"To Wordsworth" by Felicia Hemans (1793-1835) Records of Woman: With Other Poems. Edinburgh: William Blackwood, & London: T. Cadell, 1828, second edition. pp. 232-233.
THINE is a strain to read among the hills,
The old and full of voices;–by the source
Of some free stream, whose gladdening presence fills
The solitude with sound; for in its course
Even such is thy deep song, that seems a part
Of those high scenes, a fountain from their heart.
Or its calm spirit fitly may be taken
To the still breast, in sunny garden-bowers,
Where vernal winds each tree's low tones awaken,
And bud and bell with changes mark the hours.
There let thy thoughts be with me, while the day
Sinks with a golden and serene decay.
Or by some hearth where happy faces meet,
When night hath hush'd the woods, with all their birds,
There, from some gentle voice, that lay were sweet
As antique music, link'd with household words.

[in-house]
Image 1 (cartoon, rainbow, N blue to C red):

While, in pleased murmurs, woman's lip might move,
And the rais'd eye of childhood shine in love.
Or where the shadows of dark solemn yews
Brood silently o'er some lone burial-ground,
Thy verse hath power that brightly might diffuse
A breath, a kindling, as of spring, around;
From its own glow of hope and courage high,
And steadfast faith's victorious constancy.
True bard and holy!–thou art ev'n as one
Who, by some secret gift of soul or eye,
In every spot beneath the smiling sun,
Sees where the springs of living waters lie:
Unseen awhile they sleep–till, touch'd by thee,
Bright healthful waves flow forth to each glad wanderer free.